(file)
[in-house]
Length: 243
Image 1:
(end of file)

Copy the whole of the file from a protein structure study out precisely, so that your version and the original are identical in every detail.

[in-house]
Length: 243
Image 1: